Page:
[Source: Gazzetta dello Sport (paper edition), July 14, 2008, article by Massimo Arcidiacono. Also available online (in Italian) here]

While his Inter teammates and Serie A colleagues travelled to Formentera and Porto Cervo, “Turbo” Mario Balotelli followed his heart and… WWF. Nope, not the wrestling federation (which changed their name to WWE, to avoid any confusion with the other one), but the actual World Wildlife Fund. Destination Sicily and more specifically the “Riserva Naturale dello Zingaro“, a natural park reserve that also turns into an adventure camp. For Mario, that meant 10 days of excursions into nature and deep sea diving, an experience which the young Inter striker already tested the previous year, with excellent memories.

I liked the idea of spending a vacation out of the ordinary, with boys and girls my age” explains Balotelli. “I went with the WWF last year and enjoyed it a lot, so together with a few friends I met last year we decided to repeat the experience“. The groups are composed by two supervisors and 15-17 year-old kids, “united by their passion of nature and thirst of adventure” says Fabrizio Giacalone, manager of the WWF camps in Sicily. “Mario? He’s just a normal kid, like all the others“. A “normal kid” indeed, although the defenders of Atalanta, Siena, or Fiorentina will surely have a very different opinion. Gazzetta interviewed the young Italo-Ghanaian striker at his return from camp.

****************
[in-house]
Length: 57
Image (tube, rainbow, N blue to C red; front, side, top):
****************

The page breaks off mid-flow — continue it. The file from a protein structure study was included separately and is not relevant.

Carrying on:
Soccer players usually go to Costa Smeralda during the Summer. Mario, your choice went countercurrent to usual trends.
It’s an experience I recommend to all young people my age. I don’t really care what other players are doing, I am Mario and Mario makes his own choices. Countercurrent you say? Probably because the trend is to go places where all other VIPs go, but I would rather stay away from the masses. I prefer uncontaminated, “wild” locations: it’s better to have peace and quiet when you’re holiday, and perhaps have experience something different once in a while. Besides, you’re talking to someone who’s been in the junior scouts when he was little: we played, we learned to respect nature and people, to live in a group and without too many material things. Just like the WWF camp: we couldn’t drink Coke or iced tea when we were there, just water. We carried a bottle in our backpacks which we refilled every time. Plus we couldn’t use TV, playstation, or cell phones.

Did you go with your girlfriend?
No, I went alone. There was a “special” girl there though, but that’s all I’m gonna say.